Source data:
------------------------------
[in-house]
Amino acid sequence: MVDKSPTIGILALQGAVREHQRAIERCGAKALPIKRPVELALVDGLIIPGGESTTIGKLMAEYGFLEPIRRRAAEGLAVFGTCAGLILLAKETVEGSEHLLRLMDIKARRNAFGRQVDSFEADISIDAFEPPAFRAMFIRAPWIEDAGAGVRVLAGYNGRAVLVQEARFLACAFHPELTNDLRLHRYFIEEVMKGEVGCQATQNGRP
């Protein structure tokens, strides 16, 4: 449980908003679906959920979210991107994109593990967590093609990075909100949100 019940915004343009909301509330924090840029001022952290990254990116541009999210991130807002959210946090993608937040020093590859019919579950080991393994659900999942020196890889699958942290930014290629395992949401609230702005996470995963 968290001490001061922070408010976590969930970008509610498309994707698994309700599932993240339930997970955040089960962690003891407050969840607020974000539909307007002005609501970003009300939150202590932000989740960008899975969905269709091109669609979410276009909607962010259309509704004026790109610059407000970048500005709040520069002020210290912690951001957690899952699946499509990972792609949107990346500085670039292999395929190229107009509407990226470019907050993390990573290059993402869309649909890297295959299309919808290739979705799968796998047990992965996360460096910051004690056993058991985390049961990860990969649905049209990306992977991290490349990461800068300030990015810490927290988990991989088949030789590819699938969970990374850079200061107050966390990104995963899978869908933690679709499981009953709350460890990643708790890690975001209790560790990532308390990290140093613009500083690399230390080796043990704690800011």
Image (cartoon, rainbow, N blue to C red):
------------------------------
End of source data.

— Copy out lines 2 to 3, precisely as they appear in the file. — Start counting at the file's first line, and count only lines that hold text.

Amino acid sequence: MVDKSPTIGILALQGAVREHQRAIERCGAKALPIKRPVELALVDGLIIPGGESTTIGKLMAEYGFLEPIRRRAAEGLAVFGTCAGLILLAKETVEGSEHLLRLMDIKARRNAFGRQVDSFEADISIDAFEPPAFRAMFIRAPWIEDAGAGVRVLAGYNGRAVLVQEARFLACAFHPELTNDLRLHRYFIEEVMKGEVGCQATQNGRP
């Protein structure tokens, strides 16, 4: 449980908003679906959920979210991107994109593990967590093609990075909100949100 019940915004343009909301509330924090840029001022952290990254990116541009999210991130807002959210946090993608937040020093590859019919579950080991393994659900999942020196890889699958942290930014290629395992949401609230702005996470995963 968290001490001061922070408010976590969930970008509610498309994707698994309700599932993240339930997970955040089960962690003891407050969840607020974000539909307007002005609501970003009300939150202590932000989740960008899975969905269709091109669609979410276009909607962010259309509704004026790109610059407000970048500005709040520069002020210290912690951001957690899952699946499509990972792609949107990346500085670039292999395929190229107009509407990226470019907050993390990573290059993402869309649909890297295959299309919808290739979705799968796998047990992965996360460096910051004690056993058991985390049961990860990969649905049209990306992977991290490349990461800068300030990015810490927290988990991989088949030789590819699938969970990374850079200061107050966390990104995963899978869908933690679709499981009953709350460890990643708790890690975001209790560790990532308390990290140093613009500083690399230390080796043990704690800011």